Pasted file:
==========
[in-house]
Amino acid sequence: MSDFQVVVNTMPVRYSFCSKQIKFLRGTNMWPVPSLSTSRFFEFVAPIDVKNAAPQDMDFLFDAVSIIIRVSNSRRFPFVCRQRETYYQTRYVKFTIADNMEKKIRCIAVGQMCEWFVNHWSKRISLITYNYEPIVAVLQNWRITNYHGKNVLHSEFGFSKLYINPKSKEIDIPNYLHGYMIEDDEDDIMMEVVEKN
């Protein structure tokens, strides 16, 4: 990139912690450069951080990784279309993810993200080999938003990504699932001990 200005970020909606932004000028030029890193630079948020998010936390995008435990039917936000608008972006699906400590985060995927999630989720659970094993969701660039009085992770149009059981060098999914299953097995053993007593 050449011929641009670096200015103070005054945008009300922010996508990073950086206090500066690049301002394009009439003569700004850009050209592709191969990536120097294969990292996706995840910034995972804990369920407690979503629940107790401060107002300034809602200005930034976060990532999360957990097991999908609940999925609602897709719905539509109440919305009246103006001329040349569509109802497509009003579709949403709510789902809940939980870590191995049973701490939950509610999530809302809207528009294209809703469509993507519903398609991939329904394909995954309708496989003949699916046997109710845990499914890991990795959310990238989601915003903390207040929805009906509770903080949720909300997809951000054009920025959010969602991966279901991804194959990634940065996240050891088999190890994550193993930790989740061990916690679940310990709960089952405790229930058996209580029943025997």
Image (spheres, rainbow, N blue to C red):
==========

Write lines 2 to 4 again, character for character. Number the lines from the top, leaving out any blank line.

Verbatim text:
Amino acid sequence: MSDFQVVVNTMPVRYSFCSKQIKFLRGTNMWPVPSLSTSRFFEFVAPIDVKNAAPQDMDFLFDAVSIIIRVSNSRRFPFVCRQRETYYQTRYVKFTIADNMEKKIRCIAVGQMCEWFVNHWSKRISLITYNYEPIVAVLQNWRITNYHGKNVLHSEFGFSKLYINPKSKEIDIPNYLHGYMIEDDEDDIMMEVVEKN
């Protein structure tokens, strides 16, 4: 990139912690450069951080990784279309993810993200080999938003990504699932001990 200005970020909606932004000028030029890193630079948020998010936390995008435990039917936000608008972006699906400590985060995927999630989720659970094993969701660039009085992770149009059981060098999914299953097995053993007593 050449011929641009670096200015103070005054945008009300922010996508990073950086206090500066690049301002394009009439003569700004850009050209592709191969990536120097294969990292996706995840910034995972804990369920407690979503629940107790401060107002300034809602200005930034976060990532999360957990097991999908609940999925609602897709719905539509109440919305009246103006001329040349569509109802497509009003579709949403709510789902809940939980870590191995049973701490939950509610999530809302809207528009294209809703469509993507519903398609991939329904394909995954309708496989003949699916046997109710845990499914890991990795959310990238989601915003903390207040929805009906509770903080949720909300997809951000054009920025959010969602991966279901991804194959990634940065996240050891088999190890994550193993930790989740061990916690679940310990709960089952405790229930058996209580029943025997």
Image (spheres, rainbow, N blue to C red):